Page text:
Chapter 2. JavaScript in the Browser

Now I'm going to lay the foundation for the rest of this book. Since I'm going to be discussing JavaScript generally as a language but also specifically as a tool for web development, you should understand precisely how it interacts with the browser. This way, when I discuss ideas like the Document Object Model (the DOM) or how JavaScript interacts with HTML in the examples later in this book, you will know exactly what I am talking about.

JavaScript has been around long enough that all the major modern browsers (Internet Explorer, Firefox / Netscape, Opera, Safari, and Chrome) pretty much work the same way when it comes to handling scripts and how they interact with documents. Of course, there are a lot of differences when you get down to the fine details, but in general terms browsers try to act in a consistent way with one another. The general syntax of ECMAScript, the way you embed scripts on a page, and the general structure of DOMs are more or less consistent. This is a good thing, because if it wasn't true, JavaScript development would be very difficult to learn.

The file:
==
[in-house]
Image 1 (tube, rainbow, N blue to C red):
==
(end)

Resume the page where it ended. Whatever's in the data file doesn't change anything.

The Document Object Model

I've already introduced the idea of the DOM (Document Object Model) in Chapter 1, but now we need to look at its structure in more detail so that you understand how scripts interact with it. The DOM serves as an object representation of all the elements and information pertaining to the layout of the page. Technically speaking, a browser does not need a ...

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